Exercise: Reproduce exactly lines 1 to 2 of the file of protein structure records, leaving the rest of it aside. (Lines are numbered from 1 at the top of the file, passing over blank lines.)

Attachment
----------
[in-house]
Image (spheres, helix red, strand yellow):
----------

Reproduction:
[in-house]
Image (spheres, helix red, strand yellow):